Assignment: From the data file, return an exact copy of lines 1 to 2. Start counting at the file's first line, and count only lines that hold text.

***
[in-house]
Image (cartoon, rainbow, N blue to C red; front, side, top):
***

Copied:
[in-house]
Image (cartoon, rainbow, N blue to C red; front, side, top):